Tripping hither and thither

I’ve just got home from my fourth rehearsal for Iolanthe. Tonight we went through the first part of Act 2 and also the finale. Together with last week’s run through of Act 1, this means I’ve now had at least one go at everything I’m involved in. It’s still a fair way off performance standard but still plenty of time until the show.


Influential Scrobbling

I’ve been using for almost 4 years now as a way of keeping track of what I’m listening to and exploring new music.

Initially I was unconvinced of the benefits of the record-keeping side of things and only started using (about a  year after I first looked at it) so that I could listen to some of the vast collection of music that was freely available there (sadly it no longer seems to be possible to listen to very many complete tracks directly on  However, I soon discovered that it is very interesting to be able to look back at what I’ve been listening to, and to be able to start exploring new artists and albums based on what I’ve heard and enjoyed before. In fact, it’s so good that I now do the vast majority of my listening at the computer so that I can scrobble ( for upload) the information to my account.

With access to all this information, perhaps it would be unreasonable to expect the statistics to just passively record what I would have been listening to anyway.  Since one of the benefits of scrobbling is the ability to revisit music I’ve enjoyed and explore similar stuff, it’s only natural to look through my library for inspiration when deciding what to listen to.  Artists I’ve listened to a lot (if I’m sorting the library by play count) or ones with eyecatching pictures or striking names (sorting alphabetically) are more likely to catch my notice and therefore to get played again (or to lead to similar artists getting played).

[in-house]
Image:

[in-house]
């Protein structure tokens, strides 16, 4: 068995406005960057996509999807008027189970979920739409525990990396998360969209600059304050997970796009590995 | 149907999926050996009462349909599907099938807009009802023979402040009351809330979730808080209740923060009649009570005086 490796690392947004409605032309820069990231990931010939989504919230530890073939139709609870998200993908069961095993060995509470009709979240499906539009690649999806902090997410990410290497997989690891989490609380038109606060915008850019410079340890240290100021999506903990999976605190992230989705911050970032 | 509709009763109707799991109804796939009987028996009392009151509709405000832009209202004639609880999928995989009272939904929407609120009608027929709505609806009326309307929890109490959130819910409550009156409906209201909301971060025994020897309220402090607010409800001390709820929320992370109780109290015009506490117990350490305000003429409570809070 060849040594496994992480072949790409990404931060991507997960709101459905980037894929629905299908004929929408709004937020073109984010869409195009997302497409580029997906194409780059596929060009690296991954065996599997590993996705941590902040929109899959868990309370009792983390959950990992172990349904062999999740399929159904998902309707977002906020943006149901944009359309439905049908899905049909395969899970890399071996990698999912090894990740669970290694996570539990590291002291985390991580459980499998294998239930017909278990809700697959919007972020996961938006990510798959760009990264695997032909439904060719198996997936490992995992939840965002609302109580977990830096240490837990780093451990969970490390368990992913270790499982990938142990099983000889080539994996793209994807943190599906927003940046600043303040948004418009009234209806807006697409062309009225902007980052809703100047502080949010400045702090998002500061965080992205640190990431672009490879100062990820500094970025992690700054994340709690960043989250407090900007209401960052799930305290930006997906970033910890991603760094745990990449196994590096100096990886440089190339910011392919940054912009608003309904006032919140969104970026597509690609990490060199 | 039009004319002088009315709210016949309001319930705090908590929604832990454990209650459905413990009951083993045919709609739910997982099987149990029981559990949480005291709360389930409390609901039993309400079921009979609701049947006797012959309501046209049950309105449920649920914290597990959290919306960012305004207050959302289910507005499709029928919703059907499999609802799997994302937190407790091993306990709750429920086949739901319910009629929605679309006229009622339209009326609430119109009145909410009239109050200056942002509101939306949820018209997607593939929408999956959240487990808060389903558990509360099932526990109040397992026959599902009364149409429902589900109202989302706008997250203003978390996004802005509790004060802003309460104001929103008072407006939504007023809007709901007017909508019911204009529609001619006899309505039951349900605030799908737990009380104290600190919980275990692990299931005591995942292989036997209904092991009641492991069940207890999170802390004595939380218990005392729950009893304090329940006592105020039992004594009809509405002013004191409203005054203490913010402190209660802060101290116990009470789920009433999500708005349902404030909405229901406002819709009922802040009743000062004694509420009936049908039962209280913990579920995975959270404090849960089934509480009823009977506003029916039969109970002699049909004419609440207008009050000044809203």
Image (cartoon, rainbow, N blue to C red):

Sometimes I find myself going a stage further and deciding what to listen to (or even, sometimes, what to avoid listening to or to turn scrobbling off for) on the basis of how it will affect the song statistics.  For instance, I’ve been working on getting a few more of my favourite jazz artists on to my first library page (sorted by plays) – at the moment Miles Davis, Thelonious Monk and Humphrey Lyttelton are there and Louis Armstrong and Charles Mingus are close – so I sometimes  decide to listen to one of them rather than somebody else just so that I can boost them up in the ratings.  It’s not necessarily a bad thing, since these are all artists I gain a lot of musical pleasure and enrichment from, but it is certainly the case that scrobbling my plays does have a big influence on what I choose to listen to.

Bang the Trumpets!

I have recently begun a new musical venture, joining the Rhos-on-Sea Savoyards for their forthcoming performance of Gilbert & Sullivan’s Iolanthe. I was roped in a couple of weeks ago by my friend Jane, who is the assistant director of the show, as they were rather short of men to sing in the chorus. I’m going to be one of the 2nd basses (i.e. the ones who get the proper low notes), playing the part of a brainless peer.

I went along to watch their performance of Ruddigore last year and was very impressed. Although I had previously heard recordings of various Gilbert & Sullivan pieces, that was the first time I’d seen a whole one of their operas performed live. It did somewhat kindle my interest in their work, although I didn’t expect that I’d actually be taking part in a performance quite so soon.

So far I have been to two rehearsals (they are weekly) and have been listening hard to recordings of the various pieces I’ll be singing in. I’m getting to grips fairly well with the first, and I think most difficult, of the songs for the male chorus, the Entrance of the Peers (AKA “Loudly let the trumpet bray”), which includes such fun lines as “bow, bow, ye lower middle classes, bow ye tradesmen, bow ye masses”. The main problem I’ve been having with it is mixing up the words in a couple of lines so that, instead of singing “blow the trumpets, bang the brasses” as I should, I am tending to sing “bang the trumpets”.

The performances, of which there will be four, will be taking place in the last week of March, so I’ve got plenty of time to get the words straightened out.